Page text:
Garrison Builds Toward Future Work Force
March 5, 2009
- With an aging work force headed toward retirement, work force development is on the minds of many organizations at Redstone.
- The vision is to bring people in at the ground level to re-energize this work force.
- ...This is the first time a centralized program has been established to oversee their development and training.
- We're trying to create an environment that provides opportunities.
With an aging work force headed toward retirement, work force development is on the minds of many organizations at Redstone. The Garrison is no exception. The new Garrison Intern Program is working toward continuing to provide a quality staff for the organization that gives support to the entire installation.
"A large part of our work force is ready to retire in the next five years," Kathy Watkins, Garrison Intern Program lead mentor, said. "That's scary. We're turning the tide. The vision is to bring people in at the ground level to re-energize this work force."
Although there previously have been interns in the Garrison, this is the first time a centralized program has been established to oversee their development and training. It is the brainchild of Curtis Clark, deputy to the Garrison commander. Concerned for the future work force, he wanted to establish a formal program for interns.
"Mr. Clark is big on work force development," Watkins said.
The resulting program is a coordinated effort between Clark, Watkins, and key players within the Garrison.
"Joe Winston, director of Human Resources, has had a big part in this along with Glen Reese and Theresa Falcetano in DHR," Watkins said. "Joey Skinner (deputy director of Directorate of Public Works) is doing a lot to make this happen. They deserve a lot of credit."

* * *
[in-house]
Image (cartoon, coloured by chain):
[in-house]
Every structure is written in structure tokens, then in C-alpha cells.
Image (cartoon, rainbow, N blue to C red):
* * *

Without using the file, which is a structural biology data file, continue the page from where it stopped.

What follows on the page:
By combining formal training with one-on-one mentoring and personal development within the program, organizers hope to create well-rounded employees. Watkins said they are looking at training from multiple views in order to pull the aspects together.
"We need to recruit the right people. We need to develop those people. We need to care for them in terms of the right benefits and the right pay," Watkins said.
Intern recruitment began in the fall at area colleges and universities. Some came to the program as co-op students working on post. Others were finishing graduate programs. Some are just beginning. All are qualified individuals with a lot of potential.
Currently, there are 13 interns participating in the program. Much like a college, Watkins expects interns to come in as "classes" annually. The first class is also helping to shape the new program into what it needs to be.
"This first pilot group is helping develop the program by what they document, their feedback," Watkins said.
Interns are classified in one of three ways, which impacts the individual development plan they follow. Directorate of Public Works interns rotate within that directorate. Resource Management interns do likewise within that office. The rest will be on rotation throughout all Garrison directorates.
"They will be on a full rotation schedule to every directorate we have," Watkins said. "The others will rotate to a couple of directorates so that they get a flavor of the key areas they need to broaden their knowledge even though they will probably end up as full-time employees in their directorates."
As lead mentor, Watkins works directly with the mentors assigned to each intern. She also meets with interns and hosts events where they can gather to discuss issues and provide feedback on the program.
All interns come in at GS-5. As they complete each of the four years in the program, they go up a grade. Once they complete the program, they have the opportunity to compete for a GS-12 position.
"We're trying to create an environment that provides opportunities," Watkins said. "However, it is ultimately up to these people to make their way with the tools we give them."